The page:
Her emphasis on diversity, which can also be seen in the cast, reflects a year in which racism and diversity were important topics, for example regarding the Black Lives Matter protests and discrimination against the LGBTQ community. The fact that she announced her commitment to diversity so explicitly demonstrates that she knows how important it is and that the casting was done thoughtfully. There has been much discussion of diversity problems on Broadway, for example criticism that is it too white. Her speech makes clear that diversity is not yet normalized, but rather is an ongoing movement that needs attention and intentional statements.

Longing for theatre

Although for some people their need for creativity may have been a new discovery, theatre fans have always been aware of it. As COVID-19 hit, live musicals and plays had to be canceled. The fact that fans filled this gap themselves through their own online musical shows the importance of theatre. As soon as that sector was no longer able to work, it was “replaced” by a modified fan version. It is a sign of resilience that the theatre community did not throw in the towel but rather solved the problem for themselves.

Further the fact that the musical collected $2 million dollars for actors in need shows both the size and support of theatre community as well as interest and compassion from those outside the community. It shows that even though people may be struggling, they are open to supporting others and finding solace in a divided world.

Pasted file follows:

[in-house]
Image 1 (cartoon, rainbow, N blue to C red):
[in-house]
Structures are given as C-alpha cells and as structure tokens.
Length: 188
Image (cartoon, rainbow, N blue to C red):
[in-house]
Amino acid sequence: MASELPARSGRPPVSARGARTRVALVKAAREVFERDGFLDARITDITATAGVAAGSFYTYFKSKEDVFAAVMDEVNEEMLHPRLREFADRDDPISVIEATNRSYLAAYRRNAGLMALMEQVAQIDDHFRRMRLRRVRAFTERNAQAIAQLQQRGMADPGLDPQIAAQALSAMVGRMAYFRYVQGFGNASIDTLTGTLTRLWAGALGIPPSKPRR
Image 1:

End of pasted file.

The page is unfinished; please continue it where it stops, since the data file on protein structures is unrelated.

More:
The Ratatousical shows that online platforms like TikTok have a significant impact on culture, both online and offline

Furthermore, the collaboration between TikTokers and Broadway professionals tells us something about the influence of online culture in the online-offline nexus. Broadway shows mostly take place in the offline world, with many celebrities and talented performers. It is a prestigious phenomenon that may seem distant to ordinary people. However the Ratatousical grew to the point that they no longer could ignore it. Although some people may argue that TikTok is simple entertainment and is culturally insignificant, the Ratatousical shows that online platforms have a significant impact on culture, both online and offline.

Ratatousical reflections

In short, the Ratatousical reflects our current society in many ways. The community-built musical, emblematic of TikTok quarantine musical culture, shows that people are bored and need something to fill up their time. But it also reveals that a lot of creativity has been suppressed by daily life. Furthermore, it seems that there is a need for distraction from the tumultuous and divided world we live in, and a need for social cohesion in the form of a group project. Jacobsen’s opening speech is further emblematic of the ongoing journey to normalize diversity, both in Broadway and in society as a whole.

The musical was a sign of resilience, as theatre lovers took care of their hunger for theatre themselves while also funding actors in need. Lastly, the musical demonstrates the influence of online platforms on both online and offline culture. All in all, the production of the Ratatousical seems like time well-spent, as it gave people a hobby, friends, and something to be proud of.